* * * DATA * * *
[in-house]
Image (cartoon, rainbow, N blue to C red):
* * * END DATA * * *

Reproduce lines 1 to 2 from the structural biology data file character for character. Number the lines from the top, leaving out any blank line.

[in-house]
Image (cartoon, rainbow, N blue to C red):